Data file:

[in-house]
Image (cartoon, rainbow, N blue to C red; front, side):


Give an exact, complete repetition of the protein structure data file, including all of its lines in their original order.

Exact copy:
[in-house]
Image (cartoon, rainbow, N blue to C red; front, side):